I've just done all 4 of the exams for .Net 4.0 MCPD Web Developer. Overall, I quite enjoyed it. I even learned a bit.
Programmer certifications, and particularly the Microsoft ones, get a lot of criticism. In theory they prove someone is proficient in the technology. In practice, by itself a certificate is unreliable.
Microsoft's Partner program insists that companies have staff with certifications. The body shops put their new recruits through a brief course so they can pass and then be sold on. Often, they memorised the questions and answers from internet dumps. It's disappointing to google the exam codes: apart from the Microsoft syllabus, every link is a site selling the answers.
If you're a consultant, or you're going to change jobs, experienced programmers probably have to do the exams too. If you work for a Microsoft Partner you have to do it, and HR departments filter their CVs using it. Really, the best measure of proficiency is years of experience and types of projects. That's real-world practical knowledge. Okay, I would say that, having been doing this for 25 years. But, as the company I work for needs the certificate points, and they're paying, I'm happy to do the exams.
For .net 1 we had to do exams for ASP, windows forms and web services, but most .net programmers then only worked in one or two of those- certainly never windows forms and ASP. I was actually quite impressed by the .Net 2 foundation exam, which covered a lot of basics: collections, threads, tracing, serialization, globalization, encryption. Specific projects may not involve some of it, but a good .net programmer should know almost all of it (even if you have to google the details). Unfortunately they dropped it for .Net 4, going back to technology areas (asp, web services) just like the original .net 1 exams. Now for .net 4 "web" we have asp, wcf and data access (ado/entity framework). Broadly I agree you'd expect all web developers to know those topics, so that's not too bad.
One big problem with certification questions is that they pick on obscure APIs and ASP controls. Now, questions on the validation controls is probably a good basic requirement, but frankly the gridview events are a nightmare anyway, so memorizing them for an exam is painful. The .net 4 asp exam wasn't too bad although there was some API questions that in real life you'd just google. One of the jQuery questions annoyed me too, using an unusual API detail (I think an older syntax) when they could have used a better, clearer replacement.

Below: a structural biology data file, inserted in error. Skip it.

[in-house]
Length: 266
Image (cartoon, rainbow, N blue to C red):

The older exams had sections devoted to things nobody ever uses. On the asp .net 2 exam it was mobile controls, and web parts (cloned from Sharepoint, and never used outside Sharepoint). Fortunately there seems less of that in the .net 4 exams, although there's still some asp ajax library stuff in there, plus some dynamic data. The big problem was that jQuery and MVC have moved on since the exam was written. All the questions were about MVC 2, not 3. It's not that the questions were obsolete (there was nothing much about webform views to confuse those who use Razor), it's just that the pace of change is making exams less relevant.
The other exams had little used topics too. The WCF exam covered MSMQ, which I've never seen used in real life. The data access exam was more problematic. Basic ADO is useful, but there was still material about little used dataset features like constraints and dataRelations. There was not much on Linq2Sql, perhaps just as well, but most of the exam was Entity Framework. I know EF is used out there, but I've yet to encounter EF and it seems to be in second place to NHibernate at least for ORM data access. So I did learn something for this exam, and yes, I passed the exam as a novice with no real world experience of Entity Framework. On the other hand, as an experienced programmer I'd feel comfortable doing EF (even if I'd rather be doing NHibernate.)
Two of the exams - the WCF and the ASP Pro exam - had "testlets" with a case study and a small number of questions about the scenario. The WCF was over-elaborate, with source listings and xml, but for all that I thought it was a little more realistic and actually quite enjoyable.
To study, I used the Microsoft Training Kit books, MSDN and for the areas I was less familiar with - mostly EF and some aspects of WCF - a little practice. The WCF exam didn't have a book, so I had to use the .net 3.5 one and look up a couple of subjects (routing and discovery). I skimmed the bits I knew well (the asp/ web side generally). Generally I found you needed a bit more knowledge than was in the books, but only a few things were really obscure. Overall, studying for the exam was interesting and useful. Learning about WCF routing and discovery and EF, things I haven't actually used, did bring me more up-to-date with the .net 4 stack.
A pity Microsoft's "congratulations" email contains a link to a blog that closed 2 years ago.